Getting over someone who was a significant person in your life is tough and painful, especially if you didn’t initiate the breakup or didn’t want the relationship to end. It becomes doubly difficult when there is no closure and you are left hanging, confused and wondering what went wrong, or why he left you. [Read more…] about Getting Over Someone: How to Find Closure
Most people fear vulnerability. We open ourselves up to disappointment, hurt, pain and rejection. Vulnerability also makes us look weak and needy, or worse, desperate and pathetic! We always want to portray ourselves as strong and independent, capable of being happy and successful even without a man (or woman) by our side. And there’s nothing wrong with that.
But if we’re in a relationship, the walls we build around ourselves, the distancing from our partner, and the closing off of authentic feelings will eventually have disastrous effects on us and our bond with our partner.
The fear of vulnerability usually comes from previous traumatic experiences in childhood that have caused us much pain. But even adults who grew up in warm and loving households learn to shield themselves when they have gone through a tempestuous intimate relationship that left them trampled on, spurned and deeply hurt.
Most times, we are vulnerable, but we take great pains to hide it. We want to be in control and being vulnerable is a sign that we are not as powerful as we want to be. We don’t want to risk revealing our true emotions because when things go wrong, the wounds cut more deeply than if we had maintained an aloof and invincible demeanor.
But in doing so, we are actually missing a lot of opportunities to form closer ties and raise the quality of our relationship. We increase our risk for physical and mental conditions, such as hypertension, heart problems, anxiety and depression. Our overall happiness and satisfaction level is not as high as it should be.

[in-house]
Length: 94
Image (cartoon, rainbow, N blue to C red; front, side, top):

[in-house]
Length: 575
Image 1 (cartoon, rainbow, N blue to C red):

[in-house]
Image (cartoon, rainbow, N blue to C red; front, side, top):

Related reading: 15 Quotes About Rejection that Will Give You Strength
Dr. Brene Brown, an expert on vulnerability, is an advocate for this much maligned and misunderstood human quality. According to her, “vulnerability is the birthplace of love, belonging, joy, courage, empathy and creativity…” To learn to be vulnerable and begin opening ourselves up and risk rejection and uncertainty, here are some myths that must be dispelled:
Vulnerability is a sign of weakness. And because we want to be seen as strong, we walk away from a relationship out of fear of being hurt. Being vulnerable is a sign of courage instead, when we are willing to take the risk by showing our true self, and determining if the relationship still has meaning to our life.
We have the choice to avoid vulnerability. The truth is, life itself is vulnerable. We may fake our nonchalance, but we can’t run away from vulnerability. We pretend a brave front and only cry when we’re alone.
Vulnerability is being a drama queen and acting out. It’s not. Ironically, it’s having boundaries and trust that enables us to be vulnerable.